2011 Could Mark Beginning New Times For Rangers

By Brian Deakyne

Year-in and year-out, the same, bland taste was left in the mouth of the New York Rangers organization.

In their 17 years since they last won the Stanley Cup, there hasn’t been much to talk about in New York.  The Rangers have had their fair share of runs to the playoffs, but limited success has made fans wonder when New York would be back on top.

High profile players have gone through the mill during that time period, but nothing has come of it. Jaromir Jagr, who recorded a franchise-record 123 points in the 2005 season couldn’t bring that glory back to the Big Apple. Neither could defensemen Brian Leetch, who is regarded as arguably the best blue-liner the team ever dressed.

In 2011, the Rangers, led by head coach John Tortorella put a team on the ice that, for the first time in a long time, didn’t have too much superstar talent. Instead, they based their team on chemistry, leadership, and role players.

And, also for the first time in a long time, it worked.

Forward Marian Gaborik, who in past years of his career was used to carrying the offensive load, took more of a leadership role, and it paid off. Playing at the end of the season on a line with Brad Richards and rookie Carl Hagelin, Gaborik had a monster year without being in the spotlight every night. He finished with a team-high 76 points on 41 goals and 35 assists.

A fairly typical year for Gaborik, except this time, he wasn’t the only one producing. Richards finished second on the team with 66 points and captain and winger Ryan Callahan finished in third with 54 points.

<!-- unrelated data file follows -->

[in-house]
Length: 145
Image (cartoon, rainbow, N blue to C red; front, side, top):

That equity pushed the Rangers to a new level. The diversity of having different players at different positions and on different lines, all putting the puck in the net, made them a very dangerous team.

In 2010, the Rangers’ Brandon Dubinsky was the only player that finished with over 50 points. Gaborik was blamed that year with trying to do too much each night, and he finished with 48 points and played just 62 games.

With a lesser role and playing with a much stronger team last season, Gaborik played 82 games and was much more productive.

Not only did New York have the ability to score in different ways, but they were deeper at every position than they had been in a long time. Dubinsky and center Brian Boyle were both excellent at winning faceoffs, an asset that played a huge part in the Rangers first two playoff series’.

And, as the perfect combination with experience goes, the Rangers also got solid play out of several young guys. Hagelin made a name for himself quickly in the league. He scored 38 points in 64 games, and was one of New York’s biggest offensive threats in the playoffs.

Derek Stepan also made a strong case as one of the teams best centermen last year. In 82 games, he compiled 51 points on 17 goals and 34 assists. His point total was good enough for fourth on the team.

And of course, it wouldn’t be right to mention the Rangers young talent pool without throwing in Chris Kreider. Kreider joined the team after he finished school at Boston College, agreeing to a three-year entry deal in early April.

It didn’t take long for him to get anointed with the toughest hockey he’s ever played.

Kreider played in the opening series against the Ottawa Senators when Hagelin went out with a suspension. He scored his first career goal against the Senators in game six, a game winning goal. He later added his second career goal — which happened to be another game-winner — in the second round against the Washington Capitals.

Oh, yes, and this all happened while goalie Henrik Lundqvist put up the best numbers of his career, making a case as the leagues best netminder.

That case was confirmed in June, when he was named as the winner of the Vezina Trophy.

As it is well-known, the Rangers did fall short of a championship, last year. Still, it could be the beginning of good things to come in the city that demands winning.

With the team in place now, and young players who will likely improve, it might not be too long before the Rangers are the ones hoisting the Stanley Cup.

And if — or when — that day comes, the 2011 Rangers may very well be noted as the cornerstone of a championship-caliber franchise.



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